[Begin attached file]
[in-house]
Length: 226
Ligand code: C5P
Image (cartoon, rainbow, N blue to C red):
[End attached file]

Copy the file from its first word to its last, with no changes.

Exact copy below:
[in-house]
Length: 226
Ligand code: C5P
Image (cartoon, rainbow, N blue to C red):